Update, Jan 30: Two passages in the story have been corrected, as noted below.

Five months into their first year running Harriet Tubman, the Crescent City Schools board of directors  is preparing to run two more. Crescent City plans to take over Akili Academy in Gentilly in July, and possibly start running a third school next year.

“There’s a feeling among everybody I’ve spoken to that it’s going to be a good thing for students and the community,” board chair J.P. Hymel said of expanding the board’s portfolio.

At the board’s monthly meeting, Jan. 19, Harriet Tubman Charter School principal Julie Lause told board members that half of Tubman’s 541 students  are at least one grade level behind have repeated a grade, and that some still need to learn basic phonics in order to read. In a subsequent call to The Lens, Lause said 80 percent of the students are at least two grade levels behind in reading.

“At the beginning of the quarter, I felt like teachers were really grappling with that shock,” Lause said. “Now we’re building this piece about joys, about making learning fun, we’re starting Saturday school.”

As the year goes on and lessons become harder, stress increases — especially among children who are repeating the same lessons.

“That kind of pressure is hard for kids who are very far behind or have issues with behavior,” Lause said, adding that six students now take first period in the hall a separate classroom because the classroom homeroom is too distracting.

Crescent City Schools took over Tubman after the Algiers Charter School Association lost the charter it had held for three years. The current school performance score remains at 60; Lause said she wants to get it to 74.5 and dreams of 87.

Instead of one of their two electives, Lause said, all older students now take a period of “intervention” that was first used only for students at least three grades behind.

“You guys are making great progress and we are very excited to hear about everything that’s going on,” Akili board chairman Gary Bono told board members, by way of inviting them to attend Akili’s meeting tentatively scheduled for Jan. 23.

Seven Akili board members, including Fairgrounds president Tim Bryant and GNO Inc. executive Jeff Teague, attended Crescent City Schools meeting on Jan. 19.

If Akili is placed under the Crescent City Schools’ purview, Tubman’s chief executive officer,  Kate Mehok, would take over for Sean Gallagher, Akili’s founder and principal; the two boards would merge, Bono told The Lens. He said no job cuts are planned.

Gallagher told The Lens he is moving back East for a new job and has given Tubman leaders advice from his four years running Akili.

Mehok said John White supports the proposal and she expects that the Board of Elementary and Secondary Education will approve it. “I think they’ll have a lot of questions, but I don’t think they’ll deny it,” Mehok said, adding that the March timeline will allow for a dialogue with the state before the scheduled takeover in July.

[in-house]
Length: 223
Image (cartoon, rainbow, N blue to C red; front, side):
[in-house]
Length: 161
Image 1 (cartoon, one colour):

In other business, Lause showed off a football-themed computer slideshow, likening the school’s progress toward April’s state LEAP testing to the halfway point in a game — a big milestone for new teachers still adjusting.

Lause said every student fills out a two-question “exit ticket” quiz at the end of most class periods, with teachers feeding the results into a Google Docs program and adjusting their lessons accordingly.

Each of eight “culture team” administrators wears a walkie-talkie and now responds to discipline problems in a designated area of the school, Lause said.

Students will soon take a third school “interim test,” which can be analyzed in a few days by a school employee in charge of data. “We’ve actually seen steady gains since the first interim; it’s just not fast enough,” Lause said.

She also showed a teachers-only account on the website Vimeo where teachers posted several videos designed to demonstrate their use of methods from the book “Teach Like A Champion.”

“We started the school with so much heart and so much effort, and now we’re at a place where many teachers are delivering great results,” Lause said.

Mehok and two staffers plan to visit New York in February to learn more about charter schools there.

Development director Alison Mehr said 33 people attended an open house and another one is set for May 9.

Board member Doug Harrell, the Tulane University controller, was named interim treasurer to succeed Paul Pechon, who resigned from the board.

Harrell said current assets are $775,000 and liabilities are $344,000, and that some accounting services may be outsourced to a private firm.

The school will delay paying a $51,000 food service bill as they wait for a reimbursement from the Recovery School District for overcharging in August and September.